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Eyes in the sky: Investors reach out for new tools to measure climate change risk

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LONDON (Reuters) – In the twilight years of past civilizations, astrologers would clear the skies for signs of impending disaster. In an age where climate change is eroding old security, a new cast of characters is looking for answers in heaven.

FILE PHOTO: Houses land in flooded waters caused by Hurricane Florence, in this aerial view, on the outskirts of Lumberton, North Carolina, USA on September 17, 2018. REUTERS / Jason Miczek / File Photo

A small but growing network of asset managers, academics, start-ups and campaigners are working to exploit a recently deployed satellite armament to better predict the economic impact of global warming.

While climate scientists warn that discipline is in its infancy, lawyers say early findings have an extra virtue: the dynamism of any residual complacency about the degree of decay that lies in the store.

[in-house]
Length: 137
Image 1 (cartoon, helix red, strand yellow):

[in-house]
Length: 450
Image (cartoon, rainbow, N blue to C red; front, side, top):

“That’s the missing piece,” said Michael Hugman, a portfolio manager at London-based asset manager Ninety One, where the fixed-income team earns $ 44.3 billion in largely emerging market debt.

“What we can do now is specifically set high numbers for what climate change means for countries over the next 30 years. That’s a whole other way to think about risk and return.”

While investors have long used satellites to track specific metrics such as activities in shopping mall car parks or ore shipments, the new approach known as “space finance” is much broader.

It works like this: analysts gain satellite imagery and other data, filter them using algorithms, and use the results to design how climate change can affect anything from a single plant to an entire economy.

Unlike standard risk models, based largely on historical data, spatial financing aims to predict how rising heat could bring about a radically different future.

Ben Caldecott, director of the Oxford Sustainable Financing Program, a research unit at Oxford University, compares the depth of possible acquaintances with the revolution in biology unblocked by human genome sequences.

“We have had this massive explosion in Earth observation capabilities which means we can see what is happening at every point on planet Earth, and we can interpret it and use it for financial analysis,” Caldecott said. , which has launched a space funding initiative to expand discipline applications.

“What’s so transformative is adding another dimension to the information you have as an analyst.”

Managers of assets specializing in emerging market debt have been among the first to explore opportunities, recognizing, for example, that hurricanes or larger heat waves can boost the finances of countries that depend on agricultural exports.